The Insurer argued that the Claimants had failed to establish non-gradual pollution.

Specifically in relation to s51(3), it was observed by the DDJ that Aviva took over the defence of the action, determined that the claim would be contested, funded the defence, had effective conduct of the defence and did so for its own benefit, and thereby were defending their own interests. The learned DDJ also made the costs order on the alternative basis of the terms of the policy and that the Claimants succeeded to the company’s rights under the Third Party (Rights Against Insurers) Act 1930.

The Insurers appealed asserting that (1) that they had consistently rejected claims save for those based on a single incident (2) that they only participated in the defence on the basis that the same was pleaded, (3) that they were largely successful in the defence of that part of the claim and that the amendment to plead non-gradual pollution effectively abandoned the earlier claim, (4) that the court ought to have determined the cause of loss, (5) that they acted in the interests of the company as well as their own and (6) were compelled to defend the claim as it prima facie fell within the terms of the policy and the company would have legitimate cause for complaint had they not so acted.

The Court of Appeal applied Palmer v Palmer [2008] EWCA Civ 46 to these somewhat unusual facts.

It was noted (para 51) that in Palmer:

“ …a critical issue was whether the insurers were “motivated either exclusively or at least predominantly, by a consideration of its own interest in the manner in which it conducted the defence of the litigation.”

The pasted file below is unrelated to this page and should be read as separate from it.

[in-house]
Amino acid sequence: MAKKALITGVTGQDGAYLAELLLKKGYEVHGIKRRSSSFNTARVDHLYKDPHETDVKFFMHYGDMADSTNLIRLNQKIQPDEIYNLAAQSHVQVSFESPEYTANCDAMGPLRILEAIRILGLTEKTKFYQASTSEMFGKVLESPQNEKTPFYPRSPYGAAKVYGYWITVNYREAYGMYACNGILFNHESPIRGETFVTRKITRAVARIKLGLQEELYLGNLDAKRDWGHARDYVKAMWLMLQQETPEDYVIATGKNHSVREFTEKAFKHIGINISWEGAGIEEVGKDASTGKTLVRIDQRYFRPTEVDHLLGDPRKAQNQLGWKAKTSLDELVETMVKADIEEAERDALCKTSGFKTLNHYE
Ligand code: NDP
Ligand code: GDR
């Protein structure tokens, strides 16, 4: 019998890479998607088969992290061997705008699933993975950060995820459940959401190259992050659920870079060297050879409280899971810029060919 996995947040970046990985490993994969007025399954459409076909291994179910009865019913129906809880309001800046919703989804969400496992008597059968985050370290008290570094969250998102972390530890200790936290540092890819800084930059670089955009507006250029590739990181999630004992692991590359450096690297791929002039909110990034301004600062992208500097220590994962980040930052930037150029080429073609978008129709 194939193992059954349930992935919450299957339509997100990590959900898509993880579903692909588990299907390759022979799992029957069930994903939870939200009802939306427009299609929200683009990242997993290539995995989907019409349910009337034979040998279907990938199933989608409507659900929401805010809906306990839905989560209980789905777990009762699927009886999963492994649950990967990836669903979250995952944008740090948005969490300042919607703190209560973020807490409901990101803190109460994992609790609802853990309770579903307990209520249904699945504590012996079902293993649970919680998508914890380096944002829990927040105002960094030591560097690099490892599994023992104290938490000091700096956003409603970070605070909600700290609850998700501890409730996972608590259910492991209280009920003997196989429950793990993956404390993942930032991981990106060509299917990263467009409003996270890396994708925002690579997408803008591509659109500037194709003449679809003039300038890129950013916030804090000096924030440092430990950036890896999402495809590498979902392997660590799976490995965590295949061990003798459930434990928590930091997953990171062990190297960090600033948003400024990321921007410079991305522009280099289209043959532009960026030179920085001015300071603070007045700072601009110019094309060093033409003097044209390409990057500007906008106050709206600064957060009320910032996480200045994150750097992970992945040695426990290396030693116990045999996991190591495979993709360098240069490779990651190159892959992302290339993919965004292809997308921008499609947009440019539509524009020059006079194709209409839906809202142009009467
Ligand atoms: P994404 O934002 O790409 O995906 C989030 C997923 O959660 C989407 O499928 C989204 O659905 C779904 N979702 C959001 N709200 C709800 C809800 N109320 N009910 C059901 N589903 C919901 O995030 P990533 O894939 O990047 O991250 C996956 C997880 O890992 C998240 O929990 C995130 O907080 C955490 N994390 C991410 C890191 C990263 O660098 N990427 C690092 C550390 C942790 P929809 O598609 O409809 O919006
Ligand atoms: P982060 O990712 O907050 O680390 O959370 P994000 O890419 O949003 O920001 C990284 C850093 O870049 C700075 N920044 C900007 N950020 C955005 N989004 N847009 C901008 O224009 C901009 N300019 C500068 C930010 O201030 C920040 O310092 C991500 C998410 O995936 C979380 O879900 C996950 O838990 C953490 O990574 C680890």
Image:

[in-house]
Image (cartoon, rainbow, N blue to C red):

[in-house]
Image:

David Richards LJ concluded that on this point, there was ample evidence upon which the DDJ could have based his decision. Of significance was that from the outset, it was apparent that the company would not be able to meet any award of damages if it was not covered by the policy and that the “only reason for the conduct of the defence by the insurers, and their only interest in it, was to avoid a claim falling within the policy”.

He continued that had the claim for the 1997 spill been abandoned, the insurers would have had a good defence to the non-party costs application, but this was not abandoned “neither in form nor in substance….” (para 53). He further concluded that it would have been wholly unrealistic for the DDJ to have made any determination as to the proximate cause of loss – the reports were not consistent upon the cause of loss.

In the light of the above, there was no basis to challenge on appeal the broad discretion of the DDJ in relation to costs.

Whilst strictly unnecessary, the DDJ’s assessment of the subrogated rights under the policy was also correct  on the construction of the policy.

The interest in the decision lies not so much in the difficulty of challenging any costs decision, but the importance of the fact that the garage was either insolvent or would not have been able to meet an award of damages. It raises the interesting question of how, in less obvious cases, the motivation of the insurer under the test in Palmer can be tested: would there be an assessment at the start ? at key points in the litigation or pre-litigation phases ? and how can a potential Claimant maintain an assessment of their own costs risks ?

Jonathan Smith

29th February 2016